The corruption trial of Spain’s most powerful banker, who bought Britain’s Abbey National, was suspended just hours after it started today when the defence presented new evidence.
Emilio Botin, chairman of Santander Central Hispano, is accused of paying two executives more than €144.4m to get rid of them, leaving him in control. The two executives are also on trial.
The trial in Madrid will resume on Monday after the prosecution has had time to study the new evidence, said Judge Antonio Diaz Delgado said.
Santander said it paid co-chairman Jose Maria Amusategui €43.3m as a bonus for services rendered and it paid former Chief Executive Angel Corcostegui €108.3m as a lump sum payment of his pension.
It said the payments were in accordance with its bylaws and approved by its board of directors.
The prosecution claims the payments were made behind the backs of the bank’s shareholders and were made to ease the two men’s departures, leaving Botin in firm control of the bank.
Since he took the helm of Santander in 1986, Botin has turned a regional Spanish bank into one of the world’s top 10 banks in terms of market capitalisation.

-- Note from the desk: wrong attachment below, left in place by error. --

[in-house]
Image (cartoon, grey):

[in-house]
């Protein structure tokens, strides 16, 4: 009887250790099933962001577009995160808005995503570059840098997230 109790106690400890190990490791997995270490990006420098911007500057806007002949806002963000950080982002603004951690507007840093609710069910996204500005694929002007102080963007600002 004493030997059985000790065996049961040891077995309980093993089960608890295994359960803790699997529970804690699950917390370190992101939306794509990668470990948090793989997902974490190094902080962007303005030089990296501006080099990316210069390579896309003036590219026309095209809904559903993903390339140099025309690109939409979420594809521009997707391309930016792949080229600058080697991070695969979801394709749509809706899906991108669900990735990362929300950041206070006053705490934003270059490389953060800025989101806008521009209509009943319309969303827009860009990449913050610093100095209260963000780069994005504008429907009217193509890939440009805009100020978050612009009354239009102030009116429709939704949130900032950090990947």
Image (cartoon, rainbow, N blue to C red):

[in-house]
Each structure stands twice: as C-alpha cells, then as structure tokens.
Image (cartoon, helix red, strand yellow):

He bought the Abbey National bank for €13.9bn at the end of last years in Europe’s biggest cross-border banking deal.
The case highlights the management style of Botin, 70, whose family has controlled Santander – now Spain’s second-largest listed company – for more than 100 years. Though the Botins control less than 2% of the bank’s shares, they have four seats on its 19 member board.
National Court Investigating Judge Teresa Palacios decided last year that the case should go to trial against the recommendation of a Spanish prosecutor.
If convicted, the defendants face prison sentences of up to six years plus heavy fines, while Botin would also likely come under pressure to resign as Santander chairman from the Bank of Spain as well as Santander’s own bylaws.